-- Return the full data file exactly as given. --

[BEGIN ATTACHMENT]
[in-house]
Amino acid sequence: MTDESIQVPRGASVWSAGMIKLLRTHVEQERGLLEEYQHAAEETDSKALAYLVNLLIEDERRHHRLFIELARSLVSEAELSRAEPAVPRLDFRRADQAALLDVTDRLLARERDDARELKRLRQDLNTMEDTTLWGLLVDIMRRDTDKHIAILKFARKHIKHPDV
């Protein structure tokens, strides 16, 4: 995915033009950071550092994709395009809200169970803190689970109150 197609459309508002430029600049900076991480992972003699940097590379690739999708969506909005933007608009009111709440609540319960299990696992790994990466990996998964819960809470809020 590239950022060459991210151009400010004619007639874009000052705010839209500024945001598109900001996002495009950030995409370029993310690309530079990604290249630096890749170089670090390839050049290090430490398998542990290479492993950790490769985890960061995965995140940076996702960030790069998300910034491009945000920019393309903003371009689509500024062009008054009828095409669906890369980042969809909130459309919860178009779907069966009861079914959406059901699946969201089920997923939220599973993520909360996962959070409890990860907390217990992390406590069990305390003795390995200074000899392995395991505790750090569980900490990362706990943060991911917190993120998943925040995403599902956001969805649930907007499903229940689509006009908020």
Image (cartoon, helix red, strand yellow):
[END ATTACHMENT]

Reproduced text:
[in-house]
Amino acid sequence: MTDESIQVPRGASVWSAGMIKLLRTHVEQERGLLEEYQHAAEETDSKALAYLVNLLIEDERRHHRLFIELARSLVSEAELSRAEPAVPRLDFRRADQAALLDVTDRLLARERDDARELKRLRQDLNTMEDTTLWGLLVDIMRRDTDKHIAILKFARKHIKHPDV
């Protein structure tokens, strides 16, 4: 995915033009950071550092994709395009809200169970803190689970109150 197609459309508002430029600049900076991480992972003699940097590379690739999708969506909005933007608009009111709440609540319960299990696992790994990466990996998964819960809470809020 590239950022060459991210151009400010004619007639874009000052705010839209500024945001598109900001996002495009950030995409370029993310690309530079990604290249630096890749170089670090390839050049290090430490398998542990290479492993950790490769985890960061995965995140940076996702960030790069998300910034491009945000920019393309903003371009689509500024062009008054009828095409669906890369980042969809909130459309919860178009779907069966009861079914959406059901699946969201089920997923939220599973993520909360996962959070409890990860907390217990992390406590069990305390003795390995200074000899392995395991505790750090569980900490990362706990943060991911917190993120998943925040995403599902956001969805649930907007499903229940689509006009908020």
Image (cartoon, helix red, strand yellow):